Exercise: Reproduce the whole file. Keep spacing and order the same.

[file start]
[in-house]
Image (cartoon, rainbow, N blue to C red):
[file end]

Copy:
[in-house]
Image (cartoon, rainbow, N blue to C red):